Caricatures of Religious Sentiment: 3

I’m going to do something crazy. Serialize the narrating of my inner unfolding in a shamelessly autobiographical manner. This is my truth and intimate meaning. I do not care if it offends, but that is light years away from my intention. (Use index at left for specific chapters; here is the previous episode.)

Fragment 3 — Excommunicated into Hellfire

One day there was a tennis ball laying on Patty’s lawn not twenty feet away from the side of my house where I used to hunt for flecks of mica among the soil and pebbles. It was greyed from the rains, but looked to be in good shape. I thought it probably had a really good bounce left in it. What was it doing there? Wrong object, wrong place. Girls didn’t hardly play with balls and Patty only had sisters, no boys in her family. Yeah, sometimes they liked to bounce pink balls under their legs while reciting rhymes. And there was that doofus peculiar game of jacks they played on sidewalks sometimes, but that used a miserably tiny ball you could neither play catch with or smash with a baseball bat. I watched it for several days and the mystery only deepened. Nobody cared about it except me; it never moved. Until finally, able to contain myself no longer, I dashed across the expanse of green grass and snatched it. For a day or two I bounced it with delight in my driveway.

Third grade plodded along. For the most part I greatly enjoyed myself engineering my own explorations about science, math, and geography — I loved maps of all description — and reading Hardy Boys detective tales, and widening my territory in the neighborhood with friends on our bicycles. Religion never changed much. Just the catechism Q&As you had to memorize got longer. I gradually became more sensitive towards the minor hypocrisies noticed in the behaviors of priests and nuns in my orbit. We had lay teachers too, and I always tended to find a respite in their presences. Holy days of Obligation came and passed. Ash Wednesdays, when the charcoal splotch on Eileen’s forehead was always perfect as an Indian lady’s ruby red bindi, while my own was shapeless and smudged beyond recognition. Once a week or so our entire class would trek across the parking lot to the old warm church for a Mass for some reason or other. And I would try but fail to unravel the rhyme or logic behind the priest’s choice of vestment colors that day. And of course, by now all of us fully eligible, there was Communion, the wafer of transubstantiation. These usually occurred on Fridays. And the reigning powers always arranged for Confession the day before on Thursdays in this case, so that the kids were all cleansed and ready for “this is My Body”.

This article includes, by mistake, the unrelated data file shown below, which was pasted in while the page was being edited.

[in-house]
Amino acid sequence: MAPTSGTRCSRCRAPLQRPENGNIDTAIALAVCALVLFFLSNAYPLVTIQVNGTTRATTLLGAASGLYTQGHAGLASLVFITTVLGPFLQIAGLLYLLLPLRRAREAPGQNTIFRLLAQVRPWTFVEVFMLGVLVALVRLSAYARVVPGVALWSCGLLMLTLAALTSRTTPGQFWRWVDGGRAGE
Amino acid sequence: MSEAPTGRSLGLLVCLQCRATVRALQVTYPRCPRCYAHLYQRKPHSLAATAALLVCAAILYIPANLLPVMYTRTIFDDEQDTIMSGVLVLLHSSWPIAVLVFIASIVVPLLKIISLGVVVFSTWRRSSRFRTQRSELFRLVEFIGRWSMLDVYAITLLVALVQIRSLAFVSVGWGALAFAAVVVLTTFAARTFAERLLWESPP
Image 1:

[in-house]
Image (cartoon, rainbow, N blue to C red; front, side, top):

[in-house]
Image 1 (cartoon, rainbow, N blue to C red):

My soul life was about to undergo a fundamental shift. My mother had kept me home that Thursday with a throat cold or something. Next day, sitting among my classmates during the early portions of Mass, a horrid reality began to dawn on me. Holy Communion was maybe half an hour away, and I had missed Confession the day before. Normally no biggie. But this was the same week as the famous Patty’s lawn tennis ball incident. Pre-meditated evil greed-driven Communion-disqualifying sin. My mood blackened as I realized my predicament. I would be the only kid in the entire class, maybe the entire church who did not go up and receive Communion! The next twenty minutes transformed into some kind of time warp of inner turmoil. I thought about just going to the teacher and explaining in private. But that would be quite irregular and besides she did not look very inviting. I traced through all the religious lore I had accumulated, stuff I’d half forgotten. Receiving the host while in a state of unforgiven sin was a sacrilegious transgression. WTF. Although it seems hilarious from your vantage point, patient reader, I was embroiled in the existential crisis of my young existence. Conscience, creed, rules, decorum, obligation, salvation — all of it blurred into a directionless miserable daydream trance. Dimly, I noticed the row of kids in front of mine in the pews begin filing out to their right to go up and take the Christ.

I went up. I won’t say I decided. It decided within me. I opened my blackened graceless tongue to intake that splendid blessed miracle, no doubt besmirching my suitability as a dwelling place for the Divine for all eternity. Just like that I was worse than condemned. I sat back down in a private tragedy. This was my actual belief for days on end, that I was secretly but in the Church’s eyes excommunicated from the Congregation with no access to future salvation, although publicly I continued to behave normally. Thereby further compounding my damnation by taking even more illicit sacraments routinely. I was in the army of Satan now, an infiltrating spy within the camps of the faithful. And no future confession could possibly begin to admit to the scope of this Judas-like evil.